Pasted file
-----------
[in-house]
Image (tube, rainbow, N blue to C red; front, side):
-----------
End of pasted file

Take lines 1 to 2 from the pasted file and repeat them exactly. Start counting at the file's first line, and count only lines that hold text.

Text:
[in-house]
Image (tube, rainbow, N blue to C red; front, side):